Black Power and the Modern Narrative of Slavery|
Spring 2021 not offered
AFAM 324, AMST 334|
The historical moment immediately after the civil rights and black power movements saw an explosion of African American writing about slavery. In the past half-century, black writers have written award-winning novels that have given unprecedented attention to the intricacies of the life of people who are enslaved and to slavery as a system that they suggested could help us better understand late-20th-century American culture. We will read some of the most important works written by contemporary African American writers to see how and why they transformed the first autobiographical form for black writers--the slave narrative--into a fictional form that has served them as they dissect their own cultural moment.
||Gen Ed Area Dept:
|Course Format: Seminar||Grading Mode: Graded|
||Fulfills a Major Requirement for: (AFAM-MN)(AFAM)(AMST)(ENGL)(ENGL-Literature)
Bradly, David. THE CHANEYSVILLE INCIDENT. Harper & Row, 1990.
Butler, Octavia. KINDRED. Beacon, 1988.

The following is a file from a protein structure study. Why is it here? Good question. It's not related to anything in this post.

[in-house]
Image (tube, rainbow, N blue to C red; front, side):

Douglass, Frederick. NARRATIVE OF THE LIFE OF FREDERICK DOUGLASS, AN AMERICAN SLAVE, ed. Houston A. Baker. Penguin, 1986.
Johnson, Charles. MIDDLE PASSAGE. NAL, 1991.
Johnson, Charles. OXHERDING TALE. NAL, 1991
Jones, Gayl. CORREGIDORA. Beacon, 1986.
Morrison, Toni. BELOVED. New American Library, 1989.
Reed, Ishmael. FLIGHT TO CANADA. Atheneum, 1989.
Williams, Sherley Anne. DESSA ROSE. Berkeley, 1987.
|Examinations and Assignments: |
You will be required to write three papers for this course: two 4-page essays; and one 12-page research paper.
|Additional Requirements and/or Comments: |
This course fulfills the Literatures of Difference requirement for the English major and contributes to the fulfillment of the American Literature, Race & Ethnicity, and Theory & Literary Forms concentrations.
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